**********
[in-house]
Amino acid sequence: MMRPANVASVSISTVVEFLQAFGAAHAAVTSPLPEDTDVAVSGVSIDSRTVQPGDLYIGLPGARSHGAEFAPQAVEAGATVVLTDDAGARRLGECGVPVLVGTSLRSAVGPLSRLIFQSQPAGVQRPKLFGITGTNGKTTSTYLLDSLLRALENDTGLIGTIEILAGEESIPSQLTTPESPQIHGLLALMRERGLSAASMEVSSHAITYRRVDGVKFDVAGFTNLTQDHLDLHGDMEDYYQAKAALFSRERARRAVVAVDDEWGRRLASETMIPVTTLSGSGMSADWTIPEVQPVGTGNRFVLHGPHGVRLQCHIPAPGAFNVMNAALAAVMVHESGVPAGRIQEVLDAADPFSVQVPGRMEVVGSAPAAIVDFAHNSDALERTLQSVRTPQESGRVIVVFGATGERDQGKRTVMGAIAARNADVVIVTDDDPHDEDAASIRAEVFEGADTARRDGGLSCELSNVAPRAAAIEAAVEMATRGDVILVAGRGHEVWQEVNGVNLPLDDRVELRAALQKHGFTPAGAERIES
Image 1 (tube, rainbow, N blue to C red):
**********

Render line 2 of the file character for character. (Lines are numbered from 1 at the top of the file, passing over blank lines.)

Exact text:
Amino acid sequence: MMRPANVASVSISTVVEFLQAFGAAHAAVTSPLPEDTDVAVSGVSIDSRTVQPGDLYIGLPGARSHGAEFAPQAVEAGATVVLTDDAGARRLGECGVPVLVGTSLRSAVGPLSRLIFQSQPAGVQRPKLFGITGTNGKTTSTYLLDSLLRALENDTGLIGTIEILAGEESIPSQLTTPESPQIHGLLALMRERGLSAASMEVSSHAITYRRVDGVKFDVAGFTNLTQDHLDLHGDMEDYYQAKAALFSRERARRAVVAVDDEWGRRLASETMIPVTTLSGSGMSADWTIPEVQPVGTGNRFVLHGPHGVRLQCHIPAPGAFNVMNAALAAVMVHESGVPAGRIQEVLDAADPFSVQVPGRMEVVGSAPAAIVDFAHNSDALERTLQSVRTPQESGRVIVVFGATGERDQGKRTVMGAIAARNADVVIVTDDDPHDEDAASIRAEVFEGADTARRDGGLSCELSNVAPRAAAIEAAVEMATRGDVILVAGRGHEVWQEVNGVNLPLDDRVELRAALQKHGFTPAGAERIES